Thursday, 12 July 2018
University of Derby ranked among best universities for teaching excellence in Europe
The University of Derby has been ranked in the top 100 institutions in Europe for teaching excellence in the Times Higher Education Europe Teaching Rankings 2018.
The new rankings, which focus entirely on teaching and learning, strive to uncover richer and deeper insights into global higher education, with indicators focused around four core performance pillars: resources, engagement, outcomes and environment.
Data has been taken from a variety of sources including the UK Higher Education statistics Agency (HESA) and the European Student Survey, which examines a range of key issues including students’ engagement with their studies, interaction with teachers, quality of services at the institution and their opportunities to develop skills which help prepare them for a career after university.
The University of Derby is ranked above the median for all UK higher education institutions for all of the 12 questions asked in the survey.
Professor Kathryn Mitchell, Vice-Chancellor of the University of Derby, said: “At the University of Derby we have innovative teaching and learning at the heart of the student experience, so to be recognised among the top institutions in Europe for teaching excellence is outstanding news.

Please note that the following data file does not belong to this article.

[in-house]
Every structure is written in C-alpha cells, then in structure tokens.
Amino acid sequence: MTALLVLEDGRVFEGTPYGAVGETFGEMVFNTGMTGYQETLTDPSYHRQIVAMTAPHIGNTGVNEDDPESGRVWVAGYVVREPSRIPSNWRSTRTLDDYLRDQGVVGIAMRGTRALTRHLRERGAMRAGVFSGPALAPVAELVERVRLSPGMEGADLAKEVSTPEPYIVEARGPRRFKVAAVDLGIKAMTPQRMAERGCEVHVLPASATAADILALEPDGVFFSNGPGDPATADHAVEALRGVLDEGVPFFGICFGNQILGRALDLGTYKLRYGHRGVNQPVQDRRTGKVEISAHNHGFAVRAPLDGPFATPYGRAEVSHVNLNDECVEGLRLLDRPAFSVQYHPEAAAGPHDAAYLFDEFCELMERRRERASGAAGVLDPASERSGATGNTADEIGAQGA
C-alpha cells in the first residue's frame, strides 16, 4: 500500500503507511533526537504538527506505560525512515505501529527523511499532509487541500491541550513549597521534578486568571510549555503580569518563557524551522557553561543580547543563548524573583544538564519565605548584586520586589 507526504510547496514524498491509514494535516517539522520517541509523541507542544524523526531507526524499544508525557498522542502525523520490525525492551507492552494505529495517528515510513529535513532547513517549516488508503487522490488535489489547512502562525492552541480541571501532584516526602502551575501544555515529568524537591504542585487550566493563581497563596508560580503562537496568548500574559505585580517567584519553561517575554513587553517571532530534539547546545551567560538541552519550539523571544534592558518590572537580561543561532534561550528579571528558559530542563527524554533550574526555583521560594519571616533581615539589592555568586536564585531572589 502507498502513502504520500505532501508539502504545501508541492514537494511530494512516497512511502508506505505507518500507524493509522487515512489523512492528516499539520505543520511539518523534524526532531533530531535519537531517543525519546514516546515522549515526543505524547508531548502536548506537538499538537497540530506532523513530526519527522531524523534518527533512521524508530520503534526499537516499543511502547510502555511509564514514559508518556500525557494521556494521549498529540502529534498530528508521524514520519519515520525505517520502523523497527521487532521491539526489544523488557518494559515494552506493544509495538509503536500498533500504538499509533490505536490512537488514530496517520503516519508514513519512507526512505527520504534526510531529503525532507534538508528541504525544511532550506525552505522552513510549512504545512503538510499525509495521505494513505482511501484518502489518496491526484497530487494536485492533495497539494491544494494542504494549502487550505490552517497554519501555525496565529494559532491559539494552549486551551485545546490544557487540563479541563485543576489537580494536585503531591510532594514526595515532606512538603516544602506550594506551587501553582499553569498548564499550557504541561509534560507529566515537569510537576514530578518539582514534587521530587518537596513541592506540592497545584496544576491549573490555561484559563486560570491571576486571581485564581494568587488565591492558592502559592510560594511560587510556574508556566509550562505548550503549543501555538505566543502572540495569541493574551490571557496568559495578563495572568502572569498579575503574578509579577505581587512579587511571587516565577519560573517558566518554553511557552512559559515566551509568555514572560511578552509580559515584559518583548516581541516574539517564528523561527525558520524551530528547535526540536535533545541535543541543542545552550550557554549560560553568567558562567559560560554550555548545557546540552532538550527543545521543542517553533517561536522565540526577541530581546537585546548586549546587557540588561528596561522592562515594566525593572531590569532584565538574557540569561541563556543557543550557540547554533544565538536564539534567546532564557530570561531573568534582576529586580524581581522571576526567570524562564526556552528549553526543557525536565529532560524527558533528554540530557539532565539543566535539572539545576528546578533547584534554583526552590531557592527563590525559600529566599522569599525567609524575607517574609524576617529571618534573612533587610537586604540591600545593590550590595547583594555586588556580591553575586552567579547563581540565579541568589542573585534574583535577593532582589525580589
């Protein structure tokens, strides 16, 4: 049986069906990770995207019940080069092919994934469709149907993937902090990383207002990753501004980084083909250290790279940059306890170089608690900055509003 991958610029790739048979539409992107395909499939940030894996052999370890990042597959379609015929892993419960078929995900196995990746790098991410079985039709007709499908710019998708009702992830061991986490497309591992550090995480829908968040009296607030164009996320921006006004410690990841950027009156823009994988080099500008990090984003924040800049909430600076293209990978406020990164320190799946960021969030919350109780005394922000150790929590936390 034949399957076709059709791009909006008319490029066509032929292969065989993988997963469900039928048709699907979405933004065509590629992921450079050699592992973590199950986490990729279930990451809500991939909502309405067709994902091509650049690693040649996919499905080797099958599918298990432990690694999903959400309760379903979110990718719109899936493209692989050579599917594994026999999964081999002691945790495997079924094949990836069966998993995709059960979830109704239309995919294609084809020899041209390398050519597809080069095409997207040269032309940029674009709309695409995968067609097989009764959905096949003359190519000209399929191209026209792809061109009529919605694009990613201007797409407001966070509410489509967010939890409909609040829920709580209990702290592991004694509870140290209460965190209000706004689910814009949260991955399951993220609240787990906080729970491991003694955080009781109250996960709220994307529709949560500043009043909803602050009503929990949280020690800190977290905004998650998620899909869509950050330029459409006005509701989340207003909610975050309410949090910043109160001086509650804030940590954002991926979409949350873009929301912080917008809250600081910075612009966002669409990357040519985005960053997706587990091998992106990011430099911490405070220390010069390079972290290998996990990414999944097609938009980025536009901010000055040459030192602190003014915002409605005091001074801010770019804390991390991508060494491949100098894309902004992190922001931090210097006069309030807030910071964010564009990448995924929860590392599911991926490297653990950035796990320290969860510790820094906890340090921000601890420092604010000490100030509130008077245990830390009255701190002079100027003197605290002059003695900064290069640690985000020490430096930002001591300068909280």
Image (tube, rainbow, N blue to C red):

“What we teach and the way we teach it is designed to ensure all our students benefit from academic challenge, outstanding facilities and relevant work experience opportunities, which ensure upon graduating they are best placed to realise their goals and aspirations.
“We take the quality of teaching at Derby extremely seriously and this was recognised recently by winning the Teaching and Learning Strategy of the Year Award at the Times Higher Education Leadership and Management Awards, as well as being awarded a gold rating in the Teaching Excellence Framework.”
The Times Higher Education rankings only includes universities in countries that are a full member of both the European Higher Education Area and the Organisation for Economic Cooperation and Development, and that are classified as a “developed economy” by the United Nations.
At least 50 valid survey responses were required for a university to be included in the rankings.
In May, the university was ranked in the top 30 in the UK in the Guardian University Guide. You can read that story here.Back